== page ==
Copper dropped to a seven-month low on Tuesday amid fears that a planned bailout of Cyprus' banks could lead to a run on banks across Europe. Cyprus rejected the terms of the bailout and the fate of its banks remains uncertain, weighing on the euro. But, helped by HSBC data that shows the Chinese manufacturing sector grew modestly in March — and by a three-year high in US home sales — the red metal recovered some of the losses it made earlier in the week.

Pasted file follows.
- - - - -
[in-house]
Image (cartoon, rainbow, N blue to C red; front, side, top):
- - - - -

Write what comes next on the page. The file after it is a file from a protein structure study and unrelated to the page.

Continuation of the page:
“It shows that economic activity in China has picked up after the new year holiday and we expect to see improved economic figures in coming months lending support to prices,” Commerzbank analyst Daniel Briesemann told Reuters. Meanwhile, the International Copper Study Group said Thursday that the refined copper market balance for December shows a production surplus of around 170,000 metric tons (MT). Also this week, Australia's Bureau of Resources and Energy Economics said in its quarterly resources and energy report that a copper surplus — caused by recently commissioned mines in Indonesia, Peru and Mongolia that will ramp up to full production this year — will result in the average copper price declining 4 percent, to around $7,778 per MT, in 2013. It expects the price to continue dropping to $6,900 per MT in 2016, recovering to $7,100 per MT in 2018. On the London Metal Exchange, copper for three-month delivery closed down 0.4 percent, at $7,590 per MT. That's down from $7,620 on Wednesday, but higher than Tuesday's seven-month low of $7,486.25 per MT. COMEX copper for May delivery was down 0.2 percent, at $3.44 per pound, in mid-afternoon trade in New York.